MCIS called the recession back in September 2008 and challenged our clients and ourselves to do four things:

  1. Manage your cashflow.
  2. Customers – Retain the best and exit the unprofitable ones.
  3. Improve your profit (by removing waste).
  4. Staff – Retain the best and exit the rest.

These four strategies took advantage of the recession and made changes that normally business leaders did not want to do. Things have been tough for everyone regardless of the sector they operate in.

Most businesses took the opportunity to right-size and remove the obvious cost but almost all failed to leverage the recession to its fullest in terms of waste reduction. Issues such as “consequences” and “leadership” remained the sacred cows.

What are “consequences”? Everyone is fully aware that “failure to implement” is their biggest issue. We are all capable of coming up with clever plans but rarely do firms implement everything they set out to do. The primary reason for this failure is that there are few, if any, consequences for missing your targets. It takes courage to set and follow through on the consequences. If you achieve your goals there needs to be positive consequences but if you don’t, negative consequences need to be applied. This policy needs to start at the top of the company.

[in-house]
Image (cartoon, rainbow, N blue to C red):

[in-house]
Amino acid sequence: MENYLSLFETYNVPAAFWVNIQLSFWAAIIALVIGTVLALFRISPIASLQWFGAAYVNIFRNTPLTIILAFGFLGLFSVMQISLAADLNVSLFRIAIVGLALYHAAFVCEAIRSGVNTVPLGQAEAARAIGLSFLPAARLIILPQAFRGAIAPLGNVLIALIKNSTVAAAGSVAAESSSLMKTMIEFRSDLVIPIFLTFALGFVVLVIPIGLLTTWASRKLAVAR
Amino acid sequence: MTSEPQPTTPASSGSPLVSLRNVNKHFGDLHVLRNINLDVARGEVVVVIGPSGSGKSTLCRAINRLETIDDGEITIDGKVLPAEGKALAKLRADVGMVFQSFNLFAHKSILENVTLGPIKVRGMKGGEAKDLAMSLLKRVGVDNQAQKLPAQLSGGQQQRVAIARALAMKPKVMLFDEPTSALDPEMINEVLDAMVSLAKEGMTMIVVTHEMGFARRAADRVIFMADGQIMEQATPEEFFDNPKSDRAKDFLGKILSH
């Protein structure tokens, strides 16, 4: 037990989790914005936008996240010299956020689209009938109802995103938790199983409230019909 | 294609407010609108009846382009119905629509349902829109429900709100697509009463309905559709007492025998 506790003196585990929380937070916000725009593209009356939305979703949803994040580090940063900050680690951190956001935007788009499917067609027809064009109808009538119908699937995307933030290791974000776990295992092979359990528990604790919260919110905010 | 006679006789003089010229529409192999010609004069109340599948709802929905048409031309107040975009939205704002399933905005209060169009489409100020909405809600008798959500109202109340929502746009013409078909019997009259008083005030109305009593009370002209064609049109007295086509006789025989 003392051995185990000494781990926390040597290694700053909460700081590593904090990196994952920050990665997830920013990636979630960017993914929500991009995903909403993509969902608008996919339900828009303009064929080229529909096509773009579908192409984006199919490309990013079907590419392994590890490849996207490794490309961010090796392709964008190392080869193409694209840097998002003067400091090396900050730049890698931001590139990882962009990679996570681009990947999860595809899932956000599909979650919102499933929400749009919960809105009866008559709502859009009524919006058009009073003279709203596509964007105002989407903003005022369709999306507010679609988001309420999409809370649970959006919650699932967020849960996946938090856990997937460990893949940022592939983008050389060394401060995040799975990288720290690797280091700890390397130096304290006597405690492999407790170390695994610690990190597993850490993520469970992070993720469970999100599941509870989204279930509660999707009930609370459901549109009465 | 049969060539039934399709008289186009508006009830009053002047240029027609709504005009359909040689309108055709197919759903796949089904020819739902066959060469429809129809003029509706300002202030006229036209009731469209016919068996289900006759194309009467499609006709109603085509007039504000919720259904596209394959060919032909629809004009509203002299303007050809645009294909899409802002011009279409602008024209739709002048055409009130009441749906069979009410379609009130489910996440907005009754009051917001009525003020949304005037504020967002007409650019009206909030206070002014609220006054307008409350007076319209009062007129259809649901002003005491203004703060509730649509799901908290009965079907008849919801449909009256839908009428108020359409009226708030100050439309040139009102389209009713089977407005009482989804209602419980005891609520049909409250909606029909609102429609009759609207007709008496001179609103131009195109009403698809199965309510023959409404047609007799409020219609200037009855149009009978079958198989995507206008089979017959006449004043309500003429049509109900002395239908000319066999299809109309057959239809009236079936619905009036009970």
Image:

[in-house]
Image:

What about “leadership” needs to change? Obviously the leader needs to set a good example regarding their targets and accepting the consequences for not achieving them. The leader also needs to guarantee that the shareholders can get the right return on their investment. Profit needs to be locked in place, whatever remains is all you have to run the business. This attitude forces the leader to take tough decisions. The leader needs to be seen by all concerned as “firm but fair”.

An independent review of overheads and operating costs is essential before the economy takes off in 2011. Why put more business through an incapable system? You will not meet your profit budgets without this review. Here is a check list of opportunities. Tick the box next to the ones you have and then estimate the annual cost/savings for each. What is your total? You should find the number is somewhere between 10% and 20% of your annual sales (depending on how hard you cut in 2010).

1. Remove poor performing staff
2. Remove unprofitable customers
3. Remove waste in sales process
4. Remove waste in production process
5. Reduce overheads
6. Achieve or exceed budgets
7. Remove inefficient suppliers
8. Increase average sales/customer by 20%
9. Improve cash collection by 20%
10. Other please specify

You have less than 12 months to free up this cash. You will need all of it to fund the growth that is coming. Already cash flow is tightening, take action now. Get some help as you will not make the time it needs. Your role is to make decisions, establish consequences, and deliver on your budgets. There is a cost benefit; the savings you make in 2009/10 will be there year after year.

The last question to ask yourself is “what barriers are there that are stopping me from making a start on the waste reduction program”? Fix whatever issues come out of this thought process. Keep asking the question until all the barriers are dealt with and then just make a start. If you don’t start within the next 5 days you probably won’t. If you do, increased cash flow, reduced risk, and the ability to fund your future growth are your rewards.